Archive for June, 2013

Ocean Acidification International Coordination Centre

Within less than a decade, ocean acidification has gone from a science without a label involving few scientists to a research topic studied by many hundreds that is considered the #1 research front in Ecology and Environmental Sciences (King and Pendlebury, 2013)1. As research activities on ocean acidification continue to develop, there is a growing need for international collaboration and coordination.

In recent years, EPOCA2, the first multi-national project on ocean acidification, partly filled this need. This 4-year European project ended in 2012. Recognizing the need to continue and develop international activities, the SOLAS-IMBER joint Working Group on Ocean Acidification (SIOA) and the Ocean Acidification International Reference Users Group (OA-iRUG) called for an international effort to coordinate, promote and facilitate science and related activities.

Responding to this call and to the increasing concern about ocean acidification from many of its Member States and international organizations, the International Atomic Energy Agency (IAEA) stepped in and announced a new project, the “Ocean Acidification International Coordination Centre (OA-ICC)”, at the UN Conference on Sustainable Development (Rio+20) in June 2012.

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Effects of ocean acidification on phytoplankton in upwelling areas influenced by river discharges

Barbara Jacob is currently a post-doctoral associate at the Aquatic Ecosystem Functioning Lab (LAFE) under the sponsorship of Dr. Cristian A. Vargas at the Environmental Science Center EULA Chile (Universidad de Concepción), Chile. Her research is focused on understanding the effects of ocean acidification on natural phytoplankton communities as well as on key algal species (flagellates vs. diatom species).

About 48% of carbon dioxide released to the atmosphere in the last 200 years has been caused by man (Raven et al., 2005). The oceans have absorbed nearly half of the fossil-fuel carbon dioxide (CO2) emitted into the atmosphere since pre-industrial times. This capacity causes the reduction in seawater pH and carbonate saturation, a process known as “ocean acidification”. Studies of the effect of ocean acidification on phytoplankton suggest that increasing the concentration of CO2 may stimulate phytoplankton growth rate or efficiency of resource utilization and hence alter the species composition of phytoplankton communities. Recent studies have shown effects of ocean acidification increases the dissolved inorganic carbon consumption of a natural plankton community with rising CO2 (Riebesell et al., 2007). Stoichiometric changes in the C:N ratio of the primary production to high pCO2 levels may affect the availability of labile carbon that could be used by heterotrophic microbial community, in terms of their utilization of the mineral nutrients, which in turn, can limit the primary production due to the reduction of mineral nutrients.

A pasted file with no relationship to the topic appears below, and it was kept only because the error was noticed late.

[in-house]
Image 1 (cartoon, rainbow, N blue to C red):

Continue reading ‘Effects of ocean acidification on phytoplankton in upwelling areas influenced by river discharges’

Marine phytoplankton can adapt to ocean acidification

Kai Lohbeck is a PhD student in the BIOACID project at GEOMAR (Kiel, Germany). His interdisciplinary work combines biological oceanography and evolutionary biology to investigate the potential for evolutionary adaptation to ocean acidification in marine phytoplankton.

The uptake of fossil fuel-derived carbon dioxide by the surface ocean alters seawater carbonate chemistry and results in a drop in ocean pH (Caldeira and Wickett 2003). These changes, dubbed ocean acidification, have a severe impact on many marine organisms, especially those that build their cell walls, shells, scales or skeletons from calcium carbonate (Orr et al., 2005).

Coccolithophores, a group of planktonic microalgae that are among the most productive calcifying organisms in the sea (Westbroek et al., 1989), were found to be sensitive to ocean acidification with most studies showing a decline in growth and calcification rate at increased CO2 levels (Riebesell and Tortell 2011).

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Effects of ocean acidification on iron availability to marine phytoplankton

Dalin Shi is currently a professor at the State Key Laboratory of Marine Environmental Science, Xiamen University, China. His research focuses on the biogeochemical cycling of trace metals in the ocean and their roles in the global carbon and nitrogen cycles.

About one-third of the anthropogenic carbon dioxide (CO2) released into the atmosphere dissolves in the ocean, increasing the partial pressure of CO2 (pCO2) and lowering the pH in surface water. These changes in seawater chemistry, commonly referred to as ocean acidification, will likely have significant effects on marine phytoplankton, which are responsible for about half of the contemporary global primary production (Field et al., 1998) and form the basis of all marine food webs.

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Ocean acidification report presented at United Nations